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Elizabeth Pagano is the editor of the Austin Monitor.
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Council to vote on revised energy reduction ordinance
Thursday, April 21, 2011 by Elizabeth Pagano
At today’s meeting, the City Council is set to consider changes to an ordinance that would require owners of certain apartment complexes to dramatically reduce their energy consumption.
The Energy Conservation Audit and Disclosure ordinance originally required highest-energy-use multifamily residences to reduce consumption by 20 percent within 18 months. However, Council delayed voting on the ordinance after complaints by the Austin Apartment Association that renovations to satisfy that requirement could be cost prohibitive for some multifamily owners.
In the reworded ordinance, staff added a safe-harbor provision that would allow variances for cases where reducing energy consumption by 20 percent would present a “hardship.” In addition, staff extended conservation audits to condominiums as well as multifamily residences.
Austin Energy Public Information Officer Ed Clark told In Fact Daily that there are 935 properties within the city that are currently required to audit their energy use.
The safe-harbor variance would apply to owners who find they “cannot reduce their energy use by 20 percent without changing the air conditioning systems or windows, and/or if they find that in doing any improvements they are going to run into an asbestos problem, those are things they do not have to do, and therefore they can get a waiver,” said Clark.
At Tuesday’s work session, Mayor Lee Leffingwell worried that the waiver would be “forever.”
“Well, it wouldn’t be waived forever,” said Austin Energy attorney Andy Perny. “It would be waived under the current ordinance, but there’s nothing to prevent subsequent ordinance changes to tighten that up.”
Perny told Council that at the Electric Utility Commission meeting the previous night, staff had heard from members of the Austin Tenant Association, who were not entirely happy with the language of the ordinance and had requested additional disclosure language as a compromise.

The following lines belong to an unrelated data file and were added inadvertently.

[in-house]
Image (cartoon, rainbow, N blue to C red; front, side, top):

“As it is right now, a high energy use facility has to post the results of their audit where prospective tenets can see it. They’d like to hear that language beefed up a bit,” said Perny.
Clark confirmed that language establishing disclosure practices to tenants and potential tenants would be included in the ordinance presented to Council today, though it was not in the draft presented at Tuesday’s work session.
“They would have to tell their renters that they received a variance because it was impossible to bring the building into compliance by meeting the 20 percent reduction,” said Clark. “Exactly how these wordings will be exactly remains to be seen, but that is the gist of it.”
“The statement also has to say in some form that the prospective renter can expect to have high utility bills,” said Clark
Council Member Laura Morrison said it is important to bring down energy usage at these properties both to help conserve natural resources and to bring down energy charges.
“They are a good portion of our affordable rental stock, and so we need to find that balance where we bring them down but don’t force them to do so much that it’s no longer financially feasible and they just decide it’s better to tear them down and build high cost apartments instead,” said Morrison.
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